Carved grave marker, Stonewall Jackson Memorial Cemetery, Lexington. ©Jennifer Law Young
Documenting Rockbridge Slave Dwellings
Historic Lexington Foundation has begun an effort to document slave dwellings in Rockbridge County as part of an effort to encourage their preservation.
On Oct. 30, 2019, representatives of HLF and the Brownsburg Museum, together with officials from Virginia Humanities, visited four slave dwellings in the Brownsburg area. The structures were photographed and measured as an initial effort at documentation. Participating on behalf of HLF were President Suzanne Rice and Executive Director Don Hasfurther.
Virginia Humanities has been documenting slave dwellings throughout Virginia but primarily in Tidewater and the Piedmont sections of the state. The organization was founded in 1974 with funding from the National Endowment for the Humanities. Instrumental in its founding and serving as its first executive director was Washington and Lee University graduate Robert Crews Vaughan III. He was appointed by then University of Virginia President Edgar Shannon, also a W&L graduate and Lexington native.
Participating in the visit for Virginia Humanities were Justin Reid, director of African American Programs, and Peter Hedlund, director of Encyclopedia Virginia. Joining the Virginia Humanities officials was Jobie Hill, a preservation architect and founder of “Saving Slave Places,” a national program dedicated to the preservation of slave dwellings and the education of the public about the structures. Hill has assisted Virginia Humanities in documenting such structures.
The visit to the four structures in the Brownsburg area was arranged by Paul Hahn, Isabelle Chewning and others affiliated with the Brownsburg Museum. Their efforts were critical in contacting the property owners and obtaining permission to access their properties, noted Hasfurther. All owners were pleased to provide access and, indeed, were interested in learning more about the slave dwellings adjacent to their homes, he said.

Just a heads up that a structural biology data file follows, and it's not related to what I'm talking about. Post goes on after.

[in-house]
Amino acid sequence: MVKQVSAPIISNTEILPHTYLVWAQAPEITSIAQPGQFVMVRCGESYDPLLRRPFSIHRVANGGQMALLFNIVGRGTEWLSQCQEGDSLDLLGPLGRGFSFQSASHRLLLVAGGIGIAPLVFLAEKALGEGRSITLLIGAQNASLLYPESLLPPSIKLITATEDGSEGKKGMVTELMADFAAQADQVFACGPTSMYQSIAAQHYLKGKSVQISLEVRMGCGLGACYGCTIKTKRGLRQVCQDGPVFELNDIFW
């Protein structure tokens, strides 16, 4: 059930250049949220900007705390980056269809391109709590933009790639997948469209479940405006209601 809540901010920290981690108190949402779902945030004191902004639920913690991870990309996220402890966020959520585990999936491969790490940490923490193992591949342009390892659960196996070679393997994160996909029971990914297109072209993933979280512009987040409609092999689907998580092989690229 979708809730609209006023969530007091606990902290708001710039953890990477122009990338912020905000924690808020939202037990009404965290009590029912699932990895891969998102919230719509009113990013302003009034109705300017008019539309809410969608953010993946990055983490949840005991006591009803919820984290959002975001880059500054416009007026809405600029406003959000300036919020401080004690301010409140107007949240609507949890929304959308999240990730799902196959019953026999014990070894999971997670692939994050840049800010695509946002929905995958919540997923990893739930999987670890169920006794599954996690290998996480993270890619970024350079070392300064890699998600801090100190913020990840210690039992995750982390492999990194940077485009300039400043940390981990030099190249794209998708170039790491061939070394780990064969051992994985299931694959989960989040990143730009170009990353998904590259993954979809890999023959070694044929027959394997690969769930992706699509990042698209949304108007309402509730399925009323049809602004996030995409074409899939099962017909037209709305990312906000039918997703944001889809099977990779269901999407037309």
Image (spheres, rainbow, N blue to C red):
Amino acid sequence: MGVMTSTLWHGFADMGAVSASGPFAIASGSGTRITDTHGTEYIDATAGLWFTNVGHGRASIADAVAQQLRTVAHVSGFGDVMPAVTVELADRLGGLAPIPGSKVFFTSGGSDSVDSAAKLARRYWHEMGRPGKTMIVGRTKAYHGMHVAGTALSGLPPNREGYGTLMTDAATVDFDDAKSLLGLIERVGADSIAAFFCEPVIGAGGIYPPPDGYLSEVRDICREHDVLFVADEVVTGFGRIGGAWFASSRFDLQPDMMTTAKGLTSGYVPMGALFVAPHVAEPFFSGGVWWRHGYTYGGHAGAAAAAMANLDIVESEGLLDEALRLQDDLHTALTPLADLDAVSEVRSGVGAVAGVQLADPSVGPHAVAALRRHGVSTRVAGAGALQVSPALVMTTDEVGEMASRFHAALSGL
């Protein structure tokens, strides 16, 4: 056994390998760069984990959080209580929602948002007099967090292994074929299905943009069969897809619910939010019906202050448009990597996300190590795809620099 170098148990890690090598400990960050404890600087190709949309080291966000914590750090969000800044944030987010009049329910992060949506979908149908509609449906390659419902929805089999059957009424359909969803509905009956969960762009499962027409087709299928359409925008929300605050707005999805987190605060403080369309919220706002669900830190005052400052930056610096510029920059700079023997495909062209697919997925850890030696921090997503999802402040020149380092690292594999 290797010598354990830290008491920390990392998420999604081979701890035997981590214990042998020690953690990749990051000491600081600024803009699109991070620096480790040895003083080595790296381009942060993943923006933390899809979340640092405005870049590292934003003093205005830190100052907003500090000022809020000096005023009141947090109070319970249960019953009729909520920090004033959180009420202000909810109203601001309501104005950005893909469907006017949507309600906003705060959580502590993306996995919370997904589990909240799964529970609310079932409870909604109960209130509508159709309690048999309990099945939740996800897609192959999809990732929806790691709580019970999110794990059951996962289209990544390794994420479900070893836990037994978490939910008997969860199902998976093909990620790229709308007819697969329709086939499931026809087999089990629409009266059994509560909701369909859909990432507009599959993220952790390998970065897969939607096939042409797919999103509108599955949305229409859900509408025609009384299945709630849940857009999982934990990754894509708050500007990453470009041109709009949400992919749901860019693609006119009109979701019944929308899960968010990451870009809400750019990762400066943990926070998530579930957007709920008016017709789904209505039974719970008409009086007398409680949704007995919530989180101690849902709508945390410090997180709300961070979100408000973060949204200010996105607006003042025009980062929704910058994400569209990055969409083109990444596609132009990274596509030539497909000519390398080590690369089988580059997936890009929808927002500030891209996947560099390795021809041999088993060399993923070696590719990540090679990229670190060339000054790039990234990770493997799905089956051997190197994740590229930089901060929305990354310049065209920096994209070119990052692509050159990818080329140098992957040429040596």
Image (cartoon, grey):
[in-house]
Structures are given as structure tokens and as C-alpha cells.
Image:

The day began with a tour of the Brownsburg Museum followed by a visit to White Hall, the 19th century home of Henry Boswell Jones. Jones is best known for the diary he kept between 1842 and 1871. An entry for Aug. 17, 1856, noted that he was “digging a cellar for the Negro house.” This, together with his ledger, provides researchers with important information on his commercial, religious and personal activities.
The slave dwelling at White Hall is two stories with two rooms on each level. There is also a substantial basement that Hill theorized was also lived in, in part because the walls are plastered and whitewashed. She suggested that with some archaeological research one
might have a better idea of other uses of the cellar. While at White Hall, the structure was thoroughly measured and photographed.
It is quite likely that Reid and Hedlund will return to the site to further document the slave dwelling as part of Virginia Humanities “Mapping Virginia’s Slave Dwellings: Preserving Black History with Street View.” Using Google Street View technology, Virginia Humanities is able to film the slave structure and make the images and audio information available to the public, especially students in grades K through 12. This is important as most sites are not readily available for public visitation, noted Hasfurther.
The group next visited c. 1790, 1828 and 1840 Mulberry Grove. According to the National Register nomination, the property was acquired in the 1820s by Samuel Willson. Willson had constructed a large brick kitchen addition, which included a cooking fireplace and loft. As there is no entrance from the kitchen to the main house other then from the exterior, it is likely that it was occupied by enslaved people who did the cooking and house chores.
Not far from Mulberry Grove stands c. 1775 Sleepy Hollow. Like White Hall, the property has a two-over-two brick structure near the manor house. The two rooms on the first floor, like White Hall, have separate entrances indicating that it was probably occupied by two slave families. As with the earlier visits, the dwelling was measured. The Virginia Humanities officials also photographed the exterior, the interior having been altered and modernized for an
The last property to be visited was Castle Carberry, now known as Verdant Acres. As with White Hall and Sleepy Hollow, the property has a brick structure with separate doors for the two ground floor rooms, each room with a fireplace. There is a large attic
but no evidence that it was used for anything. Virginia Humanities took photographs and together with Jobie Hill took measurements.